Mississippi River

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Fishing in Mississippi River

With thousands of miles to explore and hundreds of fish to target, the vast and bountiful Mississippi River is a must-see destination for freshwater anglers. If you’re coming to this impressive body of water for the first time, book a trip with one of many Mississippi River fishing guides to make sure you find the best bite.
 

Top Catches and Where to Find Them

The Mississippi River is a border between 10 different states, from its source in Minnesota all the way to Louisiana. With over 2,300 miles and endless fishing spots to check out, the “Father of Waters” is a never-ending source of solid freshwater fishing.
 
There are well over 100 species swimming in these murky waters, and depending on where you decide to cast your line, you could catch a wide array of them. Walleye, Sauger, Bass, Northern Pike, Bluegill, and Crappie are the most common catches in Minnesota, Wisconsin, Illinois, and Iowa.
 
Missouri, Tennessee and further south, Arkansas and Mississippi, is where Catfish take center stage, and the lower Mississippi River is where you go to target monster Mudcats. Blue, Channel, and Flathead Catfish are the most popular on the menu, and they come in trophy sizes, especially if you’re looking for a new personal record and you’ve got an experienced guide by your side.
 

What to Expect on a Mississippi River Fishing Trip

All along the river, there are thousands of local guides who have spent most of their lives fishing the mighty Mississippi, and they know what they’re doing. When you book a trip with them, be it from the shore or from a boat, they’ll do their best to find some good fish for you. Whether you’re looking to fill your cooler with delicious fish or hook something brag-worthy, there’s a guide on the river that can make it happen.
 
There’s usually a variety of trips on offer, and half day and full day expeditions are by far the most popular. This means that you can come with your family and spend 4–5 hours on the water catching your lunch. Book an eight-hour trip if you’re aiming to come face-to-gills with something formidable, such as a monster Mudcat. 
 

What to Bring

Because the Mississippi River is so big, preparing for your trip depends heavily on where you plan to launch. It’s always a good idea to talk to your guide beforehand so you can confirm what you need to bring.
 
More often than not, you’ll need to buy a state fishing license before coming aboard (be sure you have a license that’s valid in whichever state waters you’re fishing). Mississippi River fishing guides usually provide all the necessary fishing gear and a boat, and sometimes provide pickup service. If you’re going on longer trips, don’t forget your favorite drinks and food, and be sure to dress properly for the time of the year.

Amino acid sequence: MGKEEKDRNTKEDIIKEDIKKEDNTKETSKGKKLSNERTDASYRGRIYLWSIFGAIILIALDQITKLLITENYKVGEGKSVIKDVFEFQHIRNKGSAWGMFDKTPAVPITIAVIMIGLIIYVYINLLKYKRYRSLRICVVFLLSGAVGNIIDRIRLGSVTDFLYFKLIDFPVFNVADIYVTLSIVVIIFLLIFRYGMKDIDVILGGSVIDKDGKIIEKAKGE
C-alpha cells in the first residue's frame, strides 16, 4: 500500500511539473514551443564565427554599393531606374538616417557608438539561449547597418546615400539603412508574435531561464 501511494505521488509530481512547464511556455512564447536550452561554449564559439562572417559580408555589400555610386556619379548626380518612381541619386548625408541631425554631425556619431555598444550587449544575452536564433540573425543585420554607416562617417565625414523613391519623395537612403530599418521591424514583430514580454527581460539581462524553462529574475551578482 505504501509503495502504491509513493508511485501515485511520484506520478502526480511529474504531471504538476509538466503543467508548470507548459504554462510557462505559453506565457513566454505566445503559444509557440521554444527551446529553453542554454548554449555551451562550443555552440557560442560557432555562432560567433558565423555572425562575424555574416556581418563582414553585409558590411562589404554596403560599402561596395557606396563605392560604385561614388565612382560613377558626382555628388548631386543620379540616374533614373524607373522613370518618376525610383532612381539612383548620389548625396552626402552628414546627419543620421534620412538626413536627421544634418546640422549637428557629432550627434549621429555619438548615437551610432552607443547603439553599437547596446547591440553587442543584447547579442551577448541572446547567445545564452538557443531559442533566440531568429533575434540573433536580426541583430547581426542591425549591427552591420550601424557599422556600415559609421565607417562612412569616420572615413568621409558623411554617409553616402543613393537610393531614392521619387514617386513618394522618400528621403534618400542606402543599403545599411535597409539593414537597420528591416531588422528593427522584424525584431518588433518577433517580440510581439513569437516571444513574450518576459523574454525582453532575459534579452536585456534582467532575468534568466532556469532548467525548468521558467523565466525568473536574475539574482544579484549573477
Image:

Go fishing on the “Old Man River,” find out more about its incredible history, and get a taste of the superb fishing this impressive watershed has to offer!
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Mississippi River Fishing Seasons

If you want to explore ice fishing opportunities on the Mississippi River, then the beginning of the year is the best time to head out. The Upper Mississippi has a healthy population of Walleye, Bluegill, and Yellow Perch.

It’s still quite cold on the northern section of the river, which means you can catch sizeable Northern Pike, Yellow Perch, Sauger, and Walleye, as long as you know where to go to find them.

As the weather improves, the fish are becoming more active all along the river. Anglers are hitting the water to chase different species of Catfish, which lurk in deep holes and channels.

Come mid-April, Walleye are starting to spawn and you can find them around areas with a rocky bottom. Northern Pike prefer warm waters for spawning, and you’ll find Smallmouth Bass in current breaks.

Catfish love warm weather and warm water, and the Lower Mississippi is the place to hook a lunker. If you’re a passionate Bass angler, there’s a Bass tournament in Alma Marina, Wisconsin mid-May.
Be it Channel, Flathead, or Blue Catfish, summer is the time to test your luck on the lower Mississippi River. Bass are amassing around underwater structures, while Northern Pike are hiding in deeper waters.

July is one of the best months to go to Tennessee and hunt your biggest Catfish yet. Smallmouth Bass usually congregate in spots where food is abundant, and Pike are still avoiding the heat.

Wherever you are in the 10 states that Mississippi runs through, it’s probably hot on the water. The Lower Mississippi is a haven for Catfish anglers, where Cats are always abundant and hungry.

If you’re in the mood to hook a massive Blue Catfish, head to Arkansas and cast your line around deep holes, bends, and submerged trees. There are plenty of White Bass, Crappie, and Catfish in the middle section of Mississippi.

As the weather is turning, Walleye and Northern Pike are coming back to shallower waters in the upper Mississippi, and Catfish are still biting left and right. This is the golden month of fishing!

The Catfish bite is still more than solid anywhere from Arkansas to Louisiana, and depending on where you fish, up to five species of Cats are in the game. Up north, the ice fishing season is fast approaching.

While Catfishing will be coming to a lull in December, the upper Mississippi River is teeming with both anglers and fish. Think Yellow Perch, Walleye, Bluegill, and Sauger and be sure to dust off your ice fishing gear!

Mississippi River Fishing Calendar

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Top Fishing Techniques in Mississippi River

  1. Ice Fishing

Top Targeted Species in Mississippi River

Bass (Largemouth)

Bass (Largemouth)

Catfish

Catfish

Walleye

Walleye

Pike (Northern)

Pike (Northern)

Crappie

Crappie

Bass (Smallmouth)

Bass (Smallmouth)